Researchers Pursue a General Influenza Vaccine

Biodegradable microspheres that are produced via spray drying. They contain an influenza virus antigen and an immunostimulating substance. The image was obtained by electron microscopy, enlarged 3,000 times. Courtesy of Dennis Horvath, University of Konstanz

One shot, protected forever -- this would be a dream come true regarding influenza vaccinations. So far, vaccination against influenza did not provide a lasting protection. The reason: Influenza viruses mutate very fast. Every year, new virus strains emerge against which previous vaccinations provide no or only limited protection. To avoid having to vaccinate against the flu every year, a research network consisting of the University of Konstanz, the University of Tübingen and Technische Universität Dresden is testing an alternative vaccination method.

This new method aims at comprehensive protection against all known influenza mutations and thus is a promising candidate for reaching lasting immunity. In contrast to existing influenza vaccinations, the new method does not trigger the production of antibodies against specific influenza strains, but stimulates the T-lymphocytes (white blood cells) to set off a general immune response against influenza viruses. The Konstanz research team, led by immunologist Marcus Groettrup, is testing the new influenza vaccination method in a pre-clinical trial to verify and deepen the results of a previous pilot study, which proved that the procedure is effective in principle. The pre-clinical trial is funded by the Federal Ministry of Education and Research (BMBF) with around 1.18 million euros.

"We have very promising indications that the same vaccination method can be applied to the coronavirus and other classes of viruses. This method could be an approach to generate general immunity against viral strains -- including all their mutations. In our research on extending the vaccination to SARS-CoV-2, we have already achieved the first successes in collaboration with the companies Trenzyme in Konstanz and Riboxx in Dresden," says Marcus Groettrup. "Every year, influenza viruses cause around three to five million cases of severe influenza worldwide, resulting in a quarter to half a million deaths, particularly among small children and the elderly. In Germany, influenza shots are administered annually. As influenza viruses mutate, the vaccine needs to be newly composed each autumn - targeting the viral strains that are predicted to spread among the population in the winter. "That is very time-consuming and expensive. Moreover, it is quite hard to motivate a large proportion of the population to get a flu shot every year.Current influenza vaccines mainly trigger the production of antibodies against influenza viruses. These antibodies are tailor-made for specific influenza strains, like a key for a lock. If, however, new mutations emerge, the key might no longer fit and the antibodies are no longer effective. "This means that if unpredicted virus strains come up, the seasonal influenza vaccine might not be able to protect against the viruses that actually circulate," Groettrup explains.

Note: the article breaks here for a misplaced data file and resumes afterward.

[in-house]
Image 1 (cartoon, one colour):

To solve this problem, a new vaccination method is required which not only protects against specific influenza viral strains, but against the influenza virus in general. A promising new vaccination method to reach general influenza protection is currently being tested in a pre-clinical mice trial by the research teams around Professor Marcus Groettrup (University of Konstanz), Professor Oliver Planz (University of Tübingen), professor Peter Martus (University Hospital of Tübingen) as well as professor Jacques Rohayem (Technische Universität Dresden and managing director of Riboxx company). By stimulating T-lymphocytes, they intend to set off an immune response at cell level.

T-lymphocytes, and especially one of their subforms, the only recently discovered resident memory T-cells, are the "immune memory of the body" along with antibodies: They recognize the virus and trigger an immune response. Groettrup describes the approach: "We train these memory T-cells for an antigen from the inner virus particle which does not change in all known virus strains." Consequently, the T-lymphocytes recognize the influenza virus in general and can thus combat all known strains. Using the lock and key principle for immune response, Groettrup and his team hope to create a "master key" against influenza viruses.

With the new method, the vaccines are introduced into the body via microspheres. These are completely biodegradable, globular particles the size of a small cell, that can be used as a 'transport container' for the virus antigen and immunostimulating substances. They are produced by spray drying and, in the future, it might be possible to administer them via nasal sprays instead of injections for immunization.

Source: University of Konstanz

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